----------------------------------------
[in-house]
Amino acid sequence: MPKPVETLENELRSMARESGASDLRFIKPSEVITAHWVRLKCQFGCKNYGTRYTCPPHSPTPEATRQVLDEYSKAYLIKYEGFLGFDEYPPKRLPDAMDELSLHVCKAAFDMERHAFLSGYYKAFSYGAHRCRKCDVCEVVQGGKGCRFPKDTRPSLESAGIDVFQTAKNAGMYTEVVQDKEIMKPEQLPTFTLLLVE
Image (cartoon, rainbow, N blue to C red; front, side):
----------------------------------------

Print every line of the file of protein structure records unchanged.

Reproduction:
[in-house]
Amino acid sequence: MPKPVETLENELRSMARESGASDLRFIKPSEVITAHWVRLKCQFGCKNYGTRYTCPPHSPTPEATRQVLDEYSKAYLIKYEGFLGFDEYPPKRLPDAMDELSLHVCKAAFDMERHAFLSGYYKAFSYGAHRCRKCDVCEVVQGGKGCRFPKDTRPSLESAGIDVFQTAKNAGMYTEVVQDKEIMKPEQLPTFTLLLVE
Image (cartoon, rainbow, N blue to C red; front, side):